Couple of interesting stories in the NY Times about architecture over the past couple of days. The first, from Stamford, Connecticut, about the desperate plight to save Paul Rudolph’s 1972 modernist home:
The 4,200-square-foot stucco house, designed in 1972 by Paul Rudolph, stands out among its outsize Colonial-style neighbors at the end of Minute Man Hill Road. It is an elongated series of interconnecting cubes with cantilevered panels that hang above large windows. Pieces of Arctic quartz stud the exterior stucco, giving the off-white walls a rough-hewn texture…Because the house is less than 60 years old, the Westport Historic District Commission cannot legally seek to delay the demolition.
The second is about budding architects and schools and firms trying to escape from the shadow of Frank Gehry and Thom Mayne in Los Angeles, and provides a nice overview of some of the projects either recently completed or in the process. Here’s a little:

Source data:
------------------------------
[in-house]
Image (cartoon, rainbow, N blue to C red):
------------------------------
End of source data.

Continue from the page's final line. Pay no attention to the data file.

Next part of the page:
Meanwhile up-and-coming Los Angeles architects have distinguished themselves in the annual Young Architects Competition sponsored in New York by P.S. 1 and the Museum of Modern Art. Hernan Diaz Alonso of Xefirotarch won in 2005 with a swirling, billowing composition of tentlike bio-organic forms inspired by the tango. Jason Payne and Heather Roberge of Gnuform were finalists this year with a proposal called “Purple Haze,” after the Jimi Hendrix song, that featured “altered sensory states” like loungers made of rubber tube rings with depressed centers that become wading pools.